PSA/Peugeot-Citroen gave journalists a glimpse of how real-world emissions testing works as part of its effort to restore consumer confidence that has been damaged by Volkswagen Group's emissions-cheating scandal.
Starting in June, PSA will publish real-world fuel economy/CO2 emissions figures alongside official laboratory test figures for 30 of its models.
The automaker says its on-road testing method can win back trust by giving customers a much clearer idea of how much fuel their cars use during everyday driving.
To show other automakers and EU regulators that it could be a viable test, PSA invited journalists to drive a route comprising one-third rural, one-third urban and one-third motorway sections.
My task was to drive a Peugeot 308 with a 1.2-liter three-cylinder gasoline engine along a 90km route PSA devised around the Paris suburb of Poissy. If my driving style fell within the test parameters, my figure would be added to create an average for that model.
Tape on the tire valves and the hood showed that the car has been checked by certification company Bureau Veritas. A bulky PEMS (portable emissions measurement system) was fitted to the trailer hitch at the back of the car. PSA says there's no way the car's engine control unit could know that it was being monitored.
I drove around the pretty suburb of Poissy and past PSA's factory before heading out to the rural and motorway sections and returning back.
How did I do? PSA interrogated the PEMS device and established that the car's average fuel usage was 7.6 liters per 100 km (37 UK mpg) against an official figure of 4.6 l/100km (61 UK mpg). That's 40 percent worse.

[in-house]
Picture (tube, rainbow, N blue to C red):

PSA says its figures show a 30 percent drop on average compared with official results. Indeed, my figure is discounted because I'm judged too aggressive on the pedals during the rural and urban sections compared with their customer data. They might be right. PSA says overall its figures are broadly comparable those posted by owners on independent websites such as Spritmonitor.
Currently, new cars in the EU are tested in laboratories under the New European Driving Cycle (NEDC). The test is outdated and detractors argue it's too easily gamed by automakers that stand to lose out financially if their car does badly. No normal driver can repeat the lab figures on the road.
Starting in September 2017, the test for EU type approval switches to the more realistic Worldwide harmonized Light vehicles Test Procedures (WLTP), but cars will still be tested for CO2 emissions in labs rather than on the road under the new procedure. The road part of the WLTP tests covers Real Driving Emissions for toxins such as NOx rather than CO2.
VW's diesel emissions scandal is a separate issue to CO2 emissions. VW engineers devised a software cheat in the cars' engine management systems that turned on pollution control systems during lab tests for NOx emissions but turned them off when the car was not being tested.
PSA says that it is possible to test for both CO2 and NOx emissions on the road with the protocol it devised with Brussels-based environmental lobby group Transport & Environment.
It's a good idea. Customers want to know how much a new car will cost them in fuel bills and government agencies want a more accurate figure to establish CO2 emissions. Of course it's still possible to cheat, but PSA's test comes closer to capturing the real figures.